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Residents share ideas to save the Regent Theatre

Designated heritage building put on market for $9 million

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LOCAL LANDMARK: Residents fear a cultural landmark will be lost after the Regent Theatre is sold.

Davisville resident Sarah Hill ducked out from the Save the Regent Theatre forum Jan. 22 to share her passion: preservation of heritage buildings.

The Toronto and East York Community Preservation Panel, of which she is vice chair, was thrilled by the turnout of more than 100 people at Greenwood College School to brainstorm ideas to save the Mount Pleasant Village landmark at 551 Mount Pleasant Rd.

BRIAN BAKER/STREETER
SAVING IDEAS: Susan Brown of the Artist’s Garden provides Davisville residents her insight into what can be done to save the Regent Theatre.

It’s been up for sale since Dec. 22, when owners, the Sorokolit family, enlisted Patrick Cowie of Colliers International to sell it for $9 million.

“It’s great to see that the community is interested and has ideas,” Hill said. “There are options if you stop to talk about it.”

Ward 22 councillor Josh Matlow set up the public meeting to discuss what to do with the property.

Many from the Davisville area shared ideas and underscored the importance of heritage and culture.

The theatre was granted heritage status in May 2017. It opened in 1927 under the name Belsize Theatre. It was designed by architect Murray Brown, who was a fixture in the design of movie houses across the country. In the early 1950s, after a two-year renovation, the theatre reopened with a new name: Crest. Volleying between filmhouse and live theatre, it didn’t get its current name, Regent, until 1988.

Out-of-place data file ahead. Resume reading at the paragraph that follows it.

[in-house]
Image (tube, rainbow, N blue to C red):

CITY OF TORONTO ARCHIVES
AT ITS PEEK: The Crest cinema, shown in the 1950s, before its name was changed to the Regent Theatre.

Matlow didn’t want that history to go to waste, or become another Shoppers Drug Mart, he said.

“I’ve been reaching out to the family that owns the Regent and Mount Pleasant theatres for years now because in the world of SilverCity, many of our local neighbourhood theatres are threatened,” he said in a January phone interview.

Matlow invited members of the community and sent out invites to organizations like Artscapes, who saved the Wychwood Barns from the demolition crew, as well as Danny and Letty Mullin who helped to resurrect the Revue Cinema on the Roncesvalles strip.

“I’d also like to find ways to honour the family’s legacy there as well,” Matlow added.

The Sorokolit family has been quiet on the community’s involvement, Cowie mentioned in an email this is the only property owned by them on the market. They also own the Mount Pleasant Cinema at 675 Mount Pleasant Road.

Cowie said the family is happy to work with a buyer who wants to preserve the theatre, “but ultimately they want to sell.”

Ten years ago, an anonymous buyer came forward with an offer, but it never came to fruition.

Matlow said he will continue to hold events to keep the community involved.

Hill said having a proactive councillor steering the conversation towards preservation makes her job a lot easier.

“In the grand scheme of heritage preservation, a building that continues to be used will be preserved,” she said. “The best way to do that, or the most appropriate way of doing that is usually maintaining its built purpose, and that is a performance space.”

BRIAN BAKER/STREETER
SAVE THE REGENT: Sarah Hill, left, addresses the audience at Greenwood Community School during brainstorming session, spearheaded by Councillor Josh Matlow, right.

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